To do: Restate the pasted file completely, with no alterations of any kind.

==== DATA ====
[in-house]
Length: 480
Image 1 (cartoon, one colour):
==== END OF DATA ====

[in-house]
Length: 480
Image 1 (cartoon, one colour):